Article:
The lawsuit, filed last month in Los Angeles federal court, alleges the mandate violates the employees' constitutional rights to privacy and due process. It also contends that data suggests that naturally acquired immunity may provide greater protection against the coronavirus and its variants than vaccine-induced immunity.
An application for a temporary restraining order filed Oct. 24 argues that an online portal to request medical or religious exemptions to vaccinations "has never worked.'' But in his order Wednesday, U.S. District Judge R. Gary Klausner ruled that the argument is "fatally undermined'' by the fact that all 13 plaintiffs have apparently managed to file notices of intent to request exemptions.
"Plaintiffs have not carried their burden of showing irreparable harm'' from the alleged lack of an online submission portal, Klausner wrote in response to one of four plaintiff arguments the judge rejected.
A Nov. 22 hearing is scheduled to discuss the issues brought up by the application.
The suit takes issue with the ordinance's statement that unvaccinated employees are at a greater risk of contracting and spreading COVID-19 within the workplace and risk transmitting the virus "to the public that depends on city services.''
The plaintiffs -- currently 13 LAPD officers -- argue that "the city does not provide any evidence to support this premise, despite mounting data suggesting fully vaccinated individuals contract and transmit the COVID-19 Delta variant just like non-vaccinated individuals.''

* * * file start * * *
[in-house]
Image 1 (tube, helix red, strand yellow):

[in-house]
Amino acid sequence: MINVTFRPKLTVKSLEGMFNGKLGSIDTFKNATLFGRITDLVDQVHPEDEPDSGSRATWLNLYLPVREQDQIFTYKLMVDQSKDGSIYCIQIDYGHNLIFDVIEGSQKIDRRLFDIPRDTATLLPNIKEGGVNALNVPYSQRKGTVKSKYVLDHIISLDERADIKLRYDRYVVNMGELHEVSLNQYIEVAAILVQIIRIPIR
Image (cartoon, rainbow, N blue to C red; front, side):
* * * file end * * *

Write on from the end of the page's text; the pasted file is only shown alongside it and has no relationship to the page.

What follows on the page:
Villanueva says COVID vaccine mandate for LASD employees is 'imminent threat to public safety'
Among the group are officers who could not assert a medical or religious exemption to the vaccine requirement and some who have "experienced and recovered'' from COVID-19, the suit states.
"Studies indicate that these plaintiffs' natural antibodies and immunity are greater than their vaccinated peers,'' plaintiffs allege.
Along with the city, the complaint names Mayor Eric Garcetti, LAPD Chief Michel Moore and City Administrative Officer Matthew Szabo as defendants.
Garcetti has said that the vaccination requirement would save lives.
"My first responsibility is to protect lives,'' the mayor said.
"It's not a difficult decision, 91% of the people dying in our hospitals are not vaccinated and you're 11 times more likely to die without the vaccination.''
He said that city employees "interact with the public. We can't be out there and be spreading something that kills. This is pretty simple. People have their legal rights but we're not going to back away.''
The suit argues that there's no evidence that natural-acquired immunity is not as effective as the jab.
"The city does not and cannot point to any evidence that vaccinated individuals have longer lasting or more complete immunity than those who have recovered from COVID,'' according to the complaint.